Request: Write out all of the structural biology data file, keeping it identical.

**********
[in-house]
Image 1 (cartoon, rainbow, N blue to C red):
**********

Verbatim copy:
[in-house]
Image 1 (cartoon, rainbow, N blue to C red):